His sporting motto is: “Whatever you do – do it well.“ Germaine Mason could hardly have done better on Tuesday night (19) in the High Jump final. While it had already been a unique sight to watch three Britons compete in this Olympic final the 25-year-old turned out to be one of the most unexpected medal winners of the Games in Athletics.
Clearing 2.34m Germaine Mason took a silver, placing himself between the two Russians Andrey Silnov (2.36) and Yaroslav Rybakov (2.34) as well as ahead of Sweden’s High Jump star Stefan Holm (2.32 for fourth).
For Mason Beijing was the absolute highlight of his career so far, but for British High Jumping this is even more significant. There was Steve Smith who had captured a bronze medal in Atlanta in 1996 with 2.35. But one has to go back a very long time in Olympic history to find a British silver medallist in the High Jump: In fact you have to go back exactly one century!
It was at the London Games in 1908, when Con Leahy took the silver medal with 1.88. Two years earlier at the so-called ‘Interim Games’ he had become an Olympic Champion in Athens with 1.775 m. Earlier, in Paris in 1900, his brother Patrick Leahy had been second with 1.78 m. That was it concerning Olympic medals in the men’s High Jump for Great Britain.
I feel like Superman or like Usain Bolt
So apart from Steve Smith this story is a very long time ago. In time for London 2012 there are new hopes – and with Tom Parsons and Martyn Bernard taking eighth and ninth place with 2.25m there might be even more to come. They are both born in 1984 so a year younger than Germaine Mason. At the national championships Parsons had won with 2.30 from Mason (2.27) and Bernard (2.23).
“It is good when you come in as a surprise. It feels good – it is hard to explain. I feel like Superman or like Usain Bolt, when he won his gold medal,” said Mason, who knows Usain Bolt well. He used to compete with him for Jamaica in the past. The 25 year-old was born in Kingston (Jamaica) in 1983.
“I started doing athletics at the age of nine in primary school. I had affection for the sport and recognized my talent.”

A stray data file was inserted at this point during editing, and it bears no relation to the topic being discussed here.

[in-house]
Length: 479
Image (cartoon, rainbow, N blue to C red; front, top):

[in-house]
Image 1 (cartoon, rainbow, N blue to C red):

Mason already had some success for his native country: In 2000 he was the silver medallist at the World Junior Championships with 2.24 and two years later he took a bronze at these championships clearing 2.21. Germaine Mason was competing at the World Championships for the first time in Paris, finishing fifth with 2.29. A year later he won a bronze medal at the world indoors in Budapest with 2.25 but then missed the Olympic Games because of a foot injury.
Today Mason spends half of the year in Jamaica to train with Stephen Francis, who is the coach of Asafa Powell. There had been a split with Francis in 2005, which resulted in the High Jumper turning away from Jamaica. Since his father is British he has dual citizenships and started competing for Great Britain in 2006. Ironically his father now lives in Jamaica while his mother, who is Jamaican, lives in London.
Mason hadn’t a good start in the British vest. He placed ninth at the European Championships in 2006 and then was 12th at the World Championships in Osaka in 2007, clearing only 2.19 m on each occasion. Because of the poor performances he lost lottery funding. That might well change after this performance in Beijing.
Germaine Mason took a gamble after missing 2.29 m at his first attempt. He went on to 2.32 m and cleared this at once. He then cleared 2.34 m (his personal best before) and 2.36 m at once, with which he secured the silver.
“I was confident and focused on my technique. I knew that if I would get that right, I would get some very good jumps. I have been waiting to equal my personal best for five years. And finally I did it when it counts,” said Mason. There were still seven jumpers in the competition at 2.34m. “It was very nerve-racking.”
“I am very proud to have won Britain’s first athletics medal of these Games,” said Mason, who took the silver shortly before Christine Ohuruogu stormed to the 400m gold.
“Great Britain gave me an opportunity to compete for the country and they supported me. I feel very British.”
Though he also stated that obviously Jamaica still is in his heart as well. When Germaine Mason had started competing for Britain he had promised to win a medal.
“It is a very good feeling to have done this.”
Jörg Wenig for the IAAF